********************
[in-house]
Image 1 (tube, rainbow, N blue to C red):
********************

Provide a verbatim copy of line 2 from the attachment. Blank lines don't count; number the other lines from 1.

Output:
Image 1 (tube, rainbow, N blue to C red):